A Walker County man accused of stealing from his tenant says his recent indictment shouldn't hold up because a sheriff's deputy he says was involved in the case was the foreman of the grand jury.
Walker County Sheriff Steve Wilson, however, says it happens all the time and he doesn't have a problem with it.
"All I know is it stinks," said Les Coffey, owner of the Peerless Mill in Rossville. "It doesn't pass the smell test."
Coffey, a lightning rod for controversy since he bought the mill in 2007, was indicted by a grand jury in March, accused of stealing equipment from a tenant he says he had been trying to evict for months.
The foreman of that jury was Walker County Sheriff's Deputy William Cason, who, according to court documents, had helped serve legal papers on one of Coffey's tenants. Coffey contends that the addressee on the papers is connected to the tenant making accusations against him, and therefore Cason has a conflict of interest.
In a phone interview Thursday, Cason said he had talked to Coffey only when he was supposed to serve the magistrate court documents in 2008. The form was addressed incorrectly, so he had to tell Coffey to resubmit it.
"If there had been any conflict, I would have removed myself," Cason said. "I was very, very careful to make sure that in any of these cases [to come before his jury] I didn't talk to other officers about them."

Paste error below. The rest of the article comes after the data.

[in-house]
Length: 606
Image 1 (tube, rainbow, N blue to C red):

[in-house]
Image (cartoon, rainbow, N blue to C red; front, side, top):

Wilson said Cason didn't do anything improper, and deputies are called for jury duty "all the time." Wilson said officers actively involved in an investigation are instructed to ask to be removed if they are called for jury duty. Simply serving civil papers, however, is not a reason to be removed, he said.
"No - don't see a thing in the world wrong with it," the sheriff said.
The Georgia Grand Jury Handbook says "interested parties" should remove themselves from juries and says indictments could be thrown out if a juror later is determined to be disqualified.
Frank Rotondo, director of the Georgia Association of Chiefs of Police, said the Peach State doesn't have rules barring officers and deputies from juries but it probably should. Several states ban officers from jury boxes, including Rotondo's native New York.
"Everybody has a different line," he said. "It's certainly clear to me with law enforcement, that line should be drawn."
Rotondo, who once was called for jury duty in Helen, Ga., but was removed by the defense attorney, said having officers on juries can create an "aura of impropriety." Officers, he said, probably would be quick to convict.
"When you're in certain professions, you are predisposed to biases," he said.
Cason said he had been in jury pools before but always had been cut. In trial juries, prosecutors and defense attorneys interview potential jurors and remove the ones they don't like. In grand juries, defense attorneys don't get to cull the jurors.
"The DA would like to have you, but the defense generally doesn't and cuts you," Cason said of his experience as a deputy in previous pools.
Wilson said deputies shouldn't be denied the "honor" of jury duty, and Cason agreed.
"As an officer I try to do my duty, but also as a citizen I try to do my duty," Cason said.